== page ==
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Ocelot (Leopardus pardalis) Fact Sheet: Reproduction & Development

Courtship

Courtship behavior

  • Pair may associate for extended periods (from Murray & Gardner 1997)
    • One male/female pair from Venezuela remained together for 7 hours
  • Captive observation provides insight into mating (from Mansard 1991)
    • Male and female rub cheeks, shoulders, flanks, engage in sniffing
    • Pair may pounce together in play
    • Male makes quiet "ka...ka" calls while following female
    • After repelling male for 3 days, female becomes noisy with growl similar to "idling diesel locomotive"
    • Several episodes of mating take place, usually in evening or early morning

Reproduction

Year-round reproduction

  • Breed year-round, in captivity (Morais et al. 2002)
    • Believed to lack seasonal breeding in the wild (Mondolfi 1986; Eaton 1977; Laack et al. 2005)
    • Some evidence for seasonality
      • Captive male ocelots in tropical Brazil demonstrated peaks of sperm production during summer months (Morais et al. 2002)

Estrus

  • Onset of first estrus
    • May be as early as 8 months (from Mondolfi 1986)
      • Reproduction does not occur until around 18-22 months
      • First conception may occur as late as 2 years of age (Seager & Demarest 1978)
  • Duration of estrus (from Mansard 1990)
    • 1-6 days of elevated estrogen, based on the results of one wild-caught female
  • Estrus cycle (from Moreira et al. 2001)
    • 18.4 days for cats in the Leopardus genus (ocelots, margays, tigrinas)
    • Some unexplained lapses in ovarian activity or estrus are recorded, though uncommon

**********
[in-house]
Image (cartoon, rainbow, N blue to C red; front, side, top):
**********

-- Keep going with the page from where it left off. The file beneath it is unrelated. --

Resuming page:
• Monthly cyclic changes in estrogen levels were observed in most of the females in one study of captive animals in Brazil
      • Factors such as diet, body weight, and presence of other females may affect reproductive status (Laack 1991)

Interbirth interval

  • Varies with habitat (Laack et al. 2005)
    • As short as 1 year of less (Laack et al. 2005)
    • c. 2 years, as observed in Peru (Emmons 1988)

Gestation and Birth

Gestation

  • 79-85 days(Mondolfi 1986)
    • Considered a long gestation compared to small cats in other genera (Mansard 1991)

Birth

  • Location of parturition
    • Young born in hollow tree, rocky bluff, cave, secluded thicket
      • Females may move litter to alternate dens between 1 and 5 times (Laack et al. 2005)
  • Litter size
    • 1-2 most often; rarely 3 or 4  (Murray & Gardner 1997)

Life Stages

Infant & Juveniles (< 1 year old)

  • Appearance
    • Young are fully marked with spots, but coats are gray and lower limbs are dark (Murray & Gardner 1997)
    • Eyes are blue at birth (Davis 1974)
      • Color changes to brown c. 3 months (Davis 1974)
  • Development (from Mansard 1991)
    • Eyes open at 14 days
    • Begin walking at 3 weeks
    • Leave den and hunt with mother 4-6 weeks
    • Take solid food at 8 weeks
    • May continue to nurse for 6 months

Subadult

  • Adult dentition erupts c. 7-8 months (Mansard 1991)
  • Independent of mother c. 24 months (Ludlow and Sunquist 1987)

Adult (from Mondolfi 1986)

  • Obtain adult weight c. 24-40 months
  • Sexual maturity
    • Females first reproduce c. 18-22 months
    • Males produce viable sperm c. 2.5 years of age

Longevity

In captivity

  • Female survival
    • Several females lived into their 20's; one was 28 years old (Bragin 2011)
  • Male survival
    • Only two captive males lived past 20 years (one 21 and one 23 years old) (Bragin 2011)

In the wild

  • Survive up to 20 years (Sunquist 1992)

Mortality

Killed by humans

Natural predators (Murray & Gardner 1997)

  • Few predators other than humans
    • Boa constrictor
    • Anaconda
    • Harpy eagle
    • Puma
    • Jaguar

Page Citations

Crespo (1982)
Davis (1974)
Eaton (1984)
Emmons (1988)
Laack et al. (2005)
Ludlow and Sunquist (1987)
Mansard (1990, 1991)
Mondolfi (1986)
Morais et al. (2002)
Moreira et al (2001)
Murray & Gardner (1997)
Nowak (1999)
Nowell & Jackson (1996)
Seager & Demarest (1978)
Sunquist (1992) 

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